Part 2 of 10: Marketeritis [previous parts]
Marketeritis is the unspoken assumption that the audience consists of passive consumers.
Hence you cannot expect them to adapt. By extension, you cannot convince them; you can only manipulate their habits and urges. Marketers commit to this mode of thought when they insist your next game is a First Person Shooter about Space Marines saving Half-Naked Chicks from Mutated Zombie Nazis. But they’re not the only ones guilty.
The ugliest face of Marketeritis is the fear of anything that involves encouraging players to act on their own. They wouldn’t get it, anyway.
One project I worked on was a First Person Shooter with flying enemies in it. They would move reasonably fast while trying to stay close. One of basic design challenges with regard to this kind of enemy is that it does not stay in front of player. In case there are enemies on the ground as well, player needs to control two different areas, which they usually cannot see at the same time, because their field of vision is too narrow.
Hence a problem with our early prototype: there were two or three huge rocks near the player; flying enemy would pass by the player, then fly behind one of the rocks. Player would lose track of it at that point. Then, the enemy would fly from the other side of the rock and attack the player - usually without warning, because it wasn't making any sounds yet.
Essentially, what you need to do in a case like this is develop some way for the player to quickly find where the flying enemy is. Players are not stupid, but they’re not telepaths, either, so you need to keep giving them information. Your mileage may vary, but some basic tricks involve giving the enemy a distinct sound, putting it on a predictable trajectory, giving it a trail of smoke, or even giving the player a perceptive sidekick.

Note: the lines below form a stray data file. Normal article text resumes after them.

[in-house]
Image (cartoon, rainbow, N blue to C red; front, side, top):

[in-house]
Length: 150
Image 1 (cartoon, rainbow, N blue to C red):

The solution we chose was to remove the huge rocks, so there would be no conceivable way for the enemy to be obscured by anything. Instead of making the challenge fair, we got rid of it, because we assumed players would not get it. Then we concentrated on making sure the flying enemy looked and sounded cool, because consumers dig shiny stuff that goes kaboom.
We just blamed players for our design problem; we didn't even try to solve it. Our game was made poorer as a result. Flying enemies would hover in one spot most of the time, so not only would the encounters be simplistic; they would also be all alike.
Designer’s marketeritis is a downward spiral, because every time something doesn’t work, you end up cutting something. It’s the KISS principle gone wrong. Novel ideas die first, because when a generic footman enemy doesn’t work, you may want to tweak it, but you don’t think there’s an inherent problem with it. Everybody knows generic footmen work, because there are already a million games with generic footmen in them.
Lesson learned: Game is a language. Your prototype doesn’t work? It’s not player’s failure to “get it”. It’s your failure to communicate.